Friday, November 29, 2013

"None of those books will ever be read again"

Were they banned or burned? No, this comes from a loyal reader who finds that the NY Times mentions the Franklin Public Library and its book preservation efforts by writing:
In 1785, Benjamin Franklin shipped to the town of Franklin, Mass. — the first town of many named in his honor — 116 books for a public library. His sister Jane, who never went to school and never learned to spell, asked him to send her a list of those books. “My Reason for this Request is I have a grat deal of time on my hands,” she explained. “I Love Reading ...and I dont doubt I can Borrow of won and another of my Acquaintance.” Then she set about trying to read every book on that list, from Locke to Montesquieu, from Blackstone to Newton.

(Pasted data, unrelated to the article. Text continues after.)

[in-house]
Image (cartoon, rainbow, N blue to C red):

In Franklin, Mass., those books — the gift from Benjamin Franklin — are still there, in the town library. They are locked in a cabinet. A few years back, the library’s board, citing a lack of funds for the care of rare books, decided that the door to that cabinet must never be opened. None of those books will ever be read again.

You can read the full article here:

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